Courtesy of helpful reader T.B. comes another possible reason why, as previously covered here and here, liquor store clerks like I used to be win lotto much more often than the odds say they should. Earlier examples of how to beat scratch-off tickets--my own primitive system and Mohan Srivastave's much more sophisticate, accurate, and now inoperative one--relied on simple odds (in my case) or spotting numerical aberrations (in his). T.B. passes along this somewhat cheesy Dateline investigation that catches some retail clerks engaging in outright fraud: lying to customers and keeping winning tickets for themselves. Here's the clip, and below it the reasons why I find it an unconvincing explanation:

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A couple things. First, this investigation focuses not on scratchers, but on Powerball-style drawings that rely on a machine to produce tickets and check winners. They pay out much larger prizes and have far fewer winners--you don't have the same "X number of winners per packet" factor that folks like me used to their advantage; presumably the winning numbers are generated randomly. So the only way to "beat" this lotto is through outright criminal fraud. Perhaps there is enough such fraud taking place to explain some of the advantage that accrues to retail clerks--but I don't buy it. There aren't that many dumb people around, and large prizes draw more scrutiny than the $5, $10, $50 prizes that come from scratchers (the Dateline clip being a case in point).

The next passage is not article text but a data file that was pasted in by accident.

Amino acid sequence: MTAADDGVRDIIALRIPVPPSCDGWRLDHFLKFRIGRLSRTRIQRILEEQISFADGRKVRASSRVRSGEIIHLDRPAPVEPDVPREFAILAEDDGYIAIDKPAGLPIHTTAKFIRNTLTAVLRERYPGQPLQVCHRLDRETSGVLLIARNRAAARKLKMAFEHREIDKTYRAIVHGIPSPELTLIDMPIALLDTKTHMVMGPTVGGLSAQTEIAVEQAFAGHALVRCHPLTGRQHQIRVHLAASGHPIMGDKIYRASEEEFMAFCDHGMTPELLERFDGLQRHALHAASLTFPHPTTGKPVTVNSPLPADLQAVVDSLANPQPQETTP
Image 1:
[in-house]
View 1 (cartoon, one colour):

Second, you couldn't get away with this sort of deception if you tried to pull the same scam with scratchers, because the game is so simple that no one would be deceived. Even the besotted clientele I dealt with was sharp enough to tell when they'd won. So this might make for a good Dateline clip (but my God, isn't Chris Hansen the most preening, grating fool on earth?!), but I don't think it goes very far in explaining why liquor store clerks so often clean up.

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